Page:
State Regulators prepare for vote on PSO’s Wind Catcher wind farm

For nearly 3 and a half hours on Monday,  PSO executive Steven Fate spent giving testimony on his utility’s controversial bid for pre-approval and cost recovery of its $5.4 billion Wind Catcher wind farm proposed near Guymon.

The Oklahoma Corporation Commission started the hearing at 1:30 p.m. and ended around 5:30 p.m. The  hearing will resume at 9 a.m. on Tuesday and Fate, PSO’s Vice President of Regulatory and Finance will be back on the stand.

He is the focus of questions by those opposing the project. Attorney General Mike Hunter’s office is one of them. Fate had testified previously in January and in May.

At the heart of many questions was PSO’s guarantee of cost savings for its customers.

“In my 35 years,  I’ve never seen as comprehensive a guarantee as this one,” said Fate. “There is a great deal of protection and it’s a sign of our confidence in the project.”

He told the commission the guarantees include protection from a tariff increase on steel and said there is a hard cap on costs—no exceptions.

But during the course of the hearing, commissioners took time to hear from those for and against the massive project.

One property owner fighting the project’s massive transmission  lines said he didn’t oppose wind power but was against “this line that could hurt people, lead to  electrocutions and cause people to get cancer.”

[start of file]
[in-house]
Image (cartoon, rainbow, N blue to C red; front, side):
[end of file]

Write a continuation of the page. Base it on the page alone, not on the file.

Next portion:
A spokesman for the 20-county Southwest Alliance, an economic area covering I-35 to the west and I-40 to the south favored the project. He cited the need for jobs in the largely rural area of the state.

Others complained of “the hurrice nature of the process.” But a Southeast Oklahoma City Manager praised PSO for what he called its “visionary step” in guaranteed savings in the future.

PSO has run into more opposition in recent weeks for the project. Its attempt to construct massive transmission lines against Osage County was rejected by the Osage Nation. Then the company’s plan to relocate the proposed lines through Bixby faced opposition from the city council and residents. Last week, PSO agreed to withdraw plans to locate through Bixby.

The project is not just for Oklahoma. The giant wind farm, proposed to be the largest in the U.S. will  provide electricity for customers in Arkansas and Louisiana.